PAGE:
MARTIN v. WATSON

No. 9181.

273 So.2d 677 (1973)

T. H. MARTIN, Sr. v. Richard T. WATSON.

Court of Appeal of Louisiana, First Circuit.

February 1, 1973.


Attorney(s) appearing for the Case

Stephen P. Dart, Kilbourne, Dart & Jackson, St. Francisville, for appellant.

Sam J. D'Amico, D'Amico, Curet & Bush, Baton Rouge, for appellee.

Before LOTTINGER, ELLIS and CRAIN, JJ.


LOTTINGER, Judge.

This is a suit filed by petitioner, T. H. Martin, Sr. and against defendant, Richard T. Watson on four certain promissory notes executed by defendant in favor of petitioner. Judgment below was in favor of petitioner and against defendant in the sum of $14,000.00 with interest and attorney fees. The defendant has appealed.

The evidence reflects that petitioner was the holder of four certain promissory notes executed by defendant in favor of petitioner, each dated November 4, 1969, for the sum of $5,000.00 and payable one each, on or before April 1, 1970, on or before April 1, 1971, on or before April 1, 1972 and on or before April 1, 1973. The petitioner alleges that the defendant has failed to pay the note due on April 1, 1970 and April 1, 1971, thereby causing all the notes to become due and payable.

The suit was filed on November 6, 1971. Subsequent to the filing of the suit defendant made a $6,000.00 payment to petitioner, reducing the principal amount due to $14,000.00.

As defendant failed to appear or file answer to the petition, on May 5, 1972, judgment was rendered against defendant in the sum of $14,000.00 with interest at the rate of Six (6%) per cent from November 4, 1969, until paid plus attorney fees in the sum of fifteen (15%) per cent with both the principal and interest.

The defendant appealed, alleging that two of the notes had not matured at the time of the confirmation of default and that, therefore, the Lower Court erred in rendering judgment thereon. The notes in question which are filed in the record of this proceeding contain no acceleration clause, nor has any agreement between the parties been introduced to the effect that failure to pay any one of the notes when due would accelerate the maturity dates on the others.

In the case of Bank of Eudora v. Crowe, 2 La.App. 669, the Court said:

"We know of no statute in Louisiana making all notes of a series due on failure to pay any one of them, and the act in question contains no provision to that effect."

There is no question in our mind that at the time of the filing of the suit two of the notes had not yet matured. However, we feel that the remedy of the defendant was by exception of prematurity rather than appeal on the merits.

In Simon v. McMeel, 167 La. 243, 119 So. 35, the Court held that the defendant's averment that the mortgagee consented to extend the maturity of the note if interest was paid is, in effect a plea of prematurity which should have been pleaded in limine litis.

In Williams v. Washington National Insurance Company, 180 La. 423, 156 So. 453, the petitioner filed suit for 104 weeks of insurance benefits under a health insurance policy. The insurer filed motion to reduce the demand of the insured to indemnity claimed to be due at the time suit was filed. The Court there held that the motion to reduce was, in substance and effect, a plea of prematurity which was required to be filed before issue was joined.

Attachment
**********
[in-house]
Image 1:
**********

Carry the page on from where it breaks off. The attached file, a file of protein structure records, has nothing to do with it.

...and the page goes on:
Later, in Pringle Associated Mortgage Corporation v. Eanes, La.App., 211 So.2d 399, the Court was faced with a hypothecary action by petitioner to foreclose, by ordinary process, a mortgage on real property granted by defendant mortgagor. The defendant filed an exception of no right and cause of action contending that the obligation was not due when foreclosure proceedings were instituted, therefore the judgment of the Trial Court is null and void and its invalidity should be recognized and declared by the Court. In that case the Court said:

"Where the obligation presently exists but the right to enforcement has not accrued, either because the term for enforcement has not expired or because of the nonperformance or nonoccurrence of some act upon which enforcement is conditioned, the objection of prematurity falls within the classification of a dilatory exception which must be plead in limine litis. * * * "In view of the allegations of plaintiff's petition and the terms and provisions of the annexed note, mortgage and construction agreement, it is clear beyond doubt that Eanes' obligation to repay arose and came into existence immediately upon his receipt of advances from Pringle. Nothing in any of the documents even remotely suggest that the obligation intended to be assumed (repayment of the amounts loaned) would come into existence only upon the occurrence of some future event. Nor is there anything in the documents indicative of intent to suspend creation of the obligation pending the happening of any stated contingency. The agreements evince the immediate assumption of a stated obligation whose terms of enforcement are dependent upon stated eventualities. Assuming arguendo, no interest payments were due until June 1, 1966, as contended by appellant, it would avail appellant nothing. In such event plaintiff's suit would have been vulnerable only to that plea of prematurity which retards or delays the action and therefore must be filed in limine litis. LSA-C.C.P. Articles 923, 926, 928; Halbert v. Klauer Mfg. Co., supra [La.App., 181 So. 75]."

We feel that the above jurisprudence controls the situation which is now before this Court and that, therefore, the remedy of the defendant should have been by the dilatory exception of prematurity which must be pleaded prior to answer or judgment by default, C.C.P. 928. The filing of this exception upon appeal comes too late.

For the reasons hereinabove assigned, the judgment of the Lower Court will be affirmed, all costs of this appeal to be paid by defendant.

Affirmed.


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